Interesting to know if the original has anything of the Virginia Woolfish quality of the translation. (81)

Genji reminds me of the flower known as the red-hot poker. If I were a Japanese I could make a poem out of that. (108)

When night lets fall her sable hood
How may one know which dame one scrood? (153)

The most startling feature of this wonderful story is the sense of social security—no reference to torture, imprisonment, beatings, violence, executions, or even war. In the court, life is like a modern university: when the emperor gets bored with emperoring he just quits, with no questions or upsets. Murasaki makes it clear that this security extends only to a stratospherically elevated group, but within that group, civilization is complete. (184)

The story is realistic in the sense that nothing supernatural or incredible (in her terms) occurs & in the sense that all human foibles & weaknesses are fully displayed. But there’s another feature that makes it a romance in my sense—or one of my senses. That’s her acceptance, not of her own society only, but of that society’s idealized picture of itself. People who are socially the best people, in other words, really are the best people. The exact degree of a girl’s beauty (except for Kiritsubo) depends primarily on her heredity, like a knight’s chivalry in Malory. (184).

The jealous mistress Rukujo sets up a Ligeia pattern, killing Yugao & Aoi by projecting a part of herself & bewitching them. She even speaks through them just as Ligeia does. After her death she becomes more formidable, a prowling ghoul who seizes on Murasaki. Yugao is a sleeping beauty archetype: the incarnate dream of the perfect mistress discovered in a completely isolated spot. (Not completely isolated: she’d already been discovered by Genji’s brother-in-law, who’d had a child by her, but that doesn’t bother Genji: he just wants to adopt the child. Civilized buggers.) (359) Continue reading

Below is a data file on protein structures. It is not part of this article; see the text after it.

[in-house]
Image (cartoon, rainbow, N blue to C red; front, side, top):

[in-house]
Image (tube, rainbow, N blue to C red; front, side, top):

Today in the Frye Diaries, 28 August


 1942: Frye and his drinking buddy George Beattie join Helen and Ruth Jenking for a night of “pounding hell out of” Mozart:

[87] Discovered something called Allergitabs, which make me feel funny but seem to work. Picked up that souse George Beattie at the pub and then went to a kosher place on College & Spadina, George making love furiously to Helen all the way. Then to Ruth Jenking’s where we pounded hell out of a couple of Mozart fantasias — amazing things he wrote in 1791 for music boxes, his last year when he was picking up anything he could get in the way of a commission.

1950: Hay fever, the formal causes of literature, and beauty:

[580] Well, today the sea breezes blew ragweed at me all day long, & I had, quite simply, one hell of a time. I didn’t feel able to go swimming — I knew that if I tried I’d start sneezing my fool head off. So I stayed on the verandah or on the beach and scribbled at my paper. A young girl here about eighteen…kept playing around me with a dog. She wasn’t especially pretty or intelligent looking, but her body — she was in a bathing suit — had that extraordinarily beautiful feeling of youth & health about it, & with this lovely & nearly naked figure hovering in my line of vision I had some difficulty concentrating on the formal causes of literature.

Tomorrow: hay fever notwithstanding, a breakthrough on the formal causes of literature